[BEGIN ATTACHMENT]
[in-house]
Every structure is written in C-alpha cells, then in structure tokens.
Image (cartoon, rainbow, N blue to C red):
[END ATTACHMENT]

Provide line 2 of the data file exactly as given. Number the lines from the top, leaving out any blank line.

Every structure is written in C-alpha cells, then in structure tokens.